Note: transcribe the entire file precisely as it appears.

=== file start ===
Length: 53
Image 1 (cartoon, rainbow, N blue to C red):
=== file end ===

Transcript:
Length: 53
Image 1 (cartoon, rainbow, N blue to C red):